Romper Stomper Director Geoffrey Wright In Interview
"Why would we lose our ethics after watching a movie?"
Geoffrey Wright is the Australian director of 1992’s Romper Stomper; a controversial and powerful film about skinhead culture in suburban Melbourne. In August 2017 the television network Stan commissioned a six-part mini-series sequel to the film and Wright spoke to Graham Woods of Flickfeast about his work on the project.
Flickfeast: What parallels did you see with what was happening in Australia in the early 1990s and what’s happening there now, that made you want to revisit these characters?
Geoffrey Wright: Racism and cultural panic are definitely the unifying themes between then and the present day. The labels for the cultures and subcultures have changed; the pieces on the chessboard are different. But it hasn’t really changed; it’s just dressed up differently.
There’s no way we could have justified having a lot of old-fashioned skinheads running around on screen because we just don’t see them anymore, down here. Extremists groups now have to present better, to use psychological parlance.
FF: The original Romper Stomper could sit as an Australian companion piece to American History X from the U.S.A. and This is England from the U.K.; all of which present central characters with similar politics and ideologies.How do you feel that your film differs from those two?
GW: I think that that Romper Stomper has the least editorial voice. The intentions of the other two films are, to me, very simple. Although our film was the least expensive of the three, I believe it’s the most complex. We didn’t want to lecture the audience, which we assumed would be largely main stream.
We wanted to say to them “We know that you’re going to judge these characters very quickly because they look like animals in a zoo, and you know you’re not like them. However, what happens to you, physiologically, when we put you inside the gang?” We reduced the distance between the audience and the characters. I wanted to avoid comforting them with a simple “them and us” mentality.
FF: You’ve been outspoken in the past about the perennial accusation levelled at films and television like yours: that they inspire copycat behaviour. Why do people still believe that depictions of violence on screen lead to episodes of real life violence perpetrated by those who have seen it?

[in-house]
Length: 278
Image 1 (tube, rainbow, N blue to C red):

GW: I’m quite satisfied myself, as are the people who work with me; the film crew, the actors, the funding bodies, the investors, that this is not the case. We don’t feel it. Why would we lose our ethics after watching a movie? If that were true, if that were even possible then we could take every hard-core criminal in the state, make them watch a musical or a kids cartoon and turn them into good citizens. But we all know that that wouldn’t happen.
When a person commits a murder, there are thousands of factors that have brought them to that place; sociological, personal, physiological, economical, and educational and it makes me angry when people try to boil it down to “Oh, they saw an evil movie and went crazy.”
It takes away the responsibility to address the complex solutions that are required in society, in Australia, the U.S.A. or the U.K.
FF: Can you tell us what inspired your decision to produce a six-part series for television to continue the story of Romper Stomper, rather than filming a single feature-length sequel?
GW: I think of lot of actors and filmmakers are realising that cinema and exhibition is changing. The California based studios, and others around the world are becoming very good at delivering to an identified market and they can’t be bothered telling “adult stories” or “ordinary dramas”. They’re only interested in high tech CGI spectacles. Not to diminish those films one bit; the medium of cinema is about movement and light. They’re the best examples of what the medium can offer. Superheroes are perfect for the big screen.
The California based studios… are becoming very good at delivering to an identified market and they can’t be bothered telling “adult stories” or “ordinary dramas”
Old fashioned filmmakers like me are finding that the smaller screen is where the people over 30 are looking for their drama. That’s why Netflix is such a gargantuan thing. Having said that, I would still love to make more movies, it’s just becoming harder and harder to do that.
FF: Finally, I wonder if you could talk about the amount of overall control you had over the series? (Wright directed parts one and two, and the subsequent episodes were helmed by different people)
GW: I wasn’t the showrunner on the Romper Stomper series; I was just the lead director. I do aspire to be a showrunner and I’m currently creating something to do just that. I’ve got the bug now, I’ve learnt a lot.
I wrote the first and sixth episodes of Romper Stomper and provided the overall arc, but I wasn’t the filter for episodes 3, 4, 5 and 6. The show was produced democratically. Beyond those first two episodes it clearly became the vision of those subsequent directors. But the first block is definitely my turf. In Australia, we are sometimes a little old fashioned in how we produce television and I feel we need to catch up with the rest of the world.
FF: Thanks Geoffrey, it’s been a pleasure.
Romper Stomper (1992) is available on Blu-ray and DVD
The Romper Stomper series is currently available on the BBC iPlayer in the UK